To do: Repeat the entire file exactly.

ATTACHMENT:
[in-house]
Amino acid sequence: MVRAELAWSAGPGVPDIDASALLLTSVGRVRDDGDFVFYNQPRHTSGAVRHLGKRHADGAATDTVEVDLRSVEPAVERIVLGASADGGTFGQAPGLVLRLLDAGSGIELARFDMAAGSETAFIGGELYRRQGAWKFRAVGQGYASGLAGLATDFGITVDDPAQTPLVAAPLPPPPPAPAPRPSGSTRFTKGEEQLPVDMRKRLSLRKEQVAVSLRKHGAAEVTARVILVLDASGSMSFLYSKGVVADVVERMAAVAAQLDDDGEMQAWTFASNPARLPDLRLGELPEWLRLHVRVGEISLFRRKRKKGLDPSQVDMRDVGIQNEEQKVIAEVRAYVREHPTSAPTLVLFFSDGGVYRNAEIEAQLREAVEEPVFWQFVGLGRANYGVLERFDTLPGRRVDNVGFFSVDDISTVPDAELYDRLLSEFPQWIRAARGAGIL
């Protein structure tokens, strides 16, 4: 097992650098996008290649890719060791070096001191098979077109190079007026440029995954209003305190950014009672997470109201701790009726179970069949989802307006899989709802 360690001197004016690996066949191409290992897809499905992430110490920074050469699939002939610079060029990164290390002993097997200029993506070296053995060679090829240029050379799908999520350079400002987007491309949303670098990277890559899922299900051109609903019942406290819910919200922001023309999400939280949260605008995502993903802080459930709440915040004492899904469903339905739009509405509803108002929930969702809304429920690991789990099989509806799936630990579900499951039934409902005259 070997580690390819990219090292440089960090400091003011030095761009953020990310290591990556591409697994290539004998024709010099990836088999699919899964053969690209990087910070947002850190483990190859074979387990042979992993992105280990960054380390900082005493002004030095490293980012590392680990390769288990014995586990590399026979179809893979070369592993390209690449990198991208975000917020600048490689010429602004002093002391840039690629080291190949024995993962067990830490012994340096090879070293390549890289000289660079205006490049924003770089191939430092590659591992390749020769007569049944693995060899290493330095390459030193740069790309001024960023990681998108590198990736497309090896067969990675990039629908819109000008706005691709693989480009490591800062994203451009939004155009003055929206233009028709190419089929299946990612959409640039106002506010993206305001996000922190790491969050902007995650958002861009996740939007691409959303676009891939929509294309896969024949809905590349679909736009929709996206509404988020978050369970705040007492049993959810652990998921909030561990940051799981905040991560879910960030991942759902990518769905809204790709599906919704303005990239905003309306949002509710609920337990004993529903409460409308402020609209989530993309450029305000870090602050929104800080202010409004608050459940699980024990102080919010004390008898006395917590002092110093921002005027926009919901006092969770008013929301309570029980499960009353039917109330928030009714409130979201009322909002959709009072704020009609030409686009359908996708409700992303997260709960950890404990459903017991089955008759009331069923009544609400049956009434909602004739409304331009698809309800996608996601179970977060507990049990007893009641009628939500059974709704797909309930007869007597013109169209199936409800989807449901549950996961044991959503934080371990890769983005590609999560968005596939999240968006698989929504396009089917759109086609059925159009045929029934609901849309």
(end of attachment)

[in-house]
Amino acid sequence: MVRAELAWSAGPGVPDIDASALLLTSVGRVRDDGDFVFYNQPRHTSGAVRHLGKRHADGAATDTVEVDLRSVEPAVERIVLGASADGGTFGQAPGLVLRLLDAGSGIELARFDMAAGSETAFIGGELYRRQGAWKFRAVGQGYASGLAGLATDFGITVDDPAQTPLVAAPLPPPPPAPAPRPSGSTRFTKGEEQLPVDMRKRLSLRKEQVAVSLRKHGAAEVTARVILVLDASGSMSFLYSKGVVADVVERMAAVAAQLDDDGEMQAWTFASNPARLPDLRLGELPEWLRLHVRVGEISLFRRKRKKGLDPSQVDMRDVGIQNEEQKVIAEVRAYVREHPTSAPTLVLFFSDGGVYRNAEIEAQLREAVEEPVFWQFVGLGRANYGVLERFDTLPGRRVDNVGFFSVDDISTVPDAELYDRLLSEFPQWIRAARGAGIL
């Protein structure tokens, strides 16, 4: 097992650098996008290649890719060791070096001191098979077109190079007026440029995954209003305190950014009672997470109201701790009726179970069949989802307006899989709802 360690001197004016690996066949191409290992897809499905992430110490920074050469699939002939610079060029990164290390002993097997200029993506070296053995060679090829240029050379799908999520350079400002987007491309949303670098990277890559899922299900051109609903019942406290819910919200922001023309999400939280949260605008995502993903802080459930709440915040004492899904469903339905739009509405509803108002929930969702809304429920690991789990099989509806799936630990579900499951039934409902005259 070997580690390819990219090292440089960090400091003011030095761009953020990310290591990556591409697994290539004998024709010099990836088999699919899964053969690209990087910070947002850190483990190859074979387990042979992993992105280990960054380390900082005493002004030095490293980012590392680990390769288990014995586990590399026979179809893979070369592993390209690449990198991208975000917020600048490689010429602004002093002391840039690629080291190949024995993962067990830490012994340096090879070293390549890289000289660079205006490049924003770089191939430092590659591992390749020769007569049944693995060899290493330095390459030193740069790309001024960023990681998108590198990736497309090896067969990675990039629908819109000008706005691709693989480009490591800062994203451009939004155009003055929206233009028709190419089929299946990612959409640039106002506010993206305001996000922190790491969050902007995650958002861009996740939007691409959303676009891939929509294309896969024949809905590349679909736009929709996206509404988020978050369970705040007492049993959810652990998921909030561990940051799981905040991560879910960030991942759902990518769905809204790709599906919704303005990239905003309306949002509710609920337990004993529903409460409308402020609209989530993309450029305000870090602050929104800080202010409004608050459940699980024990102080919010004390008898006395917590002092110093921002005027926009919901006092969770008013929301309570029980499960009353039917109330928030009714409130979201009322909002959709009072704020009609030409686009359908996708409700992303997260709960950890404990459903017991089955008759009331069923009544609400049956009434909602004739409304331009698809309800996608996601179970977060507990049990007893009641009628939500059974709704797909309930007869007597013109169209199936409800989807449901549950996961044991959503934080371990890769983005590609999560968005596939999240968006698989929504396009089917759109086609059925159009045929029934609901849309």